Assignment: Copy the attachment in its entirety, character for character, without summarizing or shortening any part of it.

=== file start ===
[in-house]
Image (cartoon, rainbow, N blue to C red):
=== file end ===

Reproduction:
[in-house]
Image (cartoon, rainbow, N blue to C red):